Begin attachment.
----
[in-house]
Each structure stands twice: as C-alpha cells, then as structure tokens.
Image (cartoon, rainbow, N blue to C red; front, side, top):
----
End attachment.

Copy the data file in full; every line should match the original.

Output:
[in-house]
Each structure stands twice: as C-alpha cells, then as structure tokens.
Image (cartoon, rainbow, N blue to C red; front, side, top):